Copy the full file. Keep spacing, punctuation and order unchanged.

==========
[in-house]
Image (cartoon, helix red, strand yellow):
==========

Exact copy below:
[in-house]
Image (cartoon, helix red, strand yellow):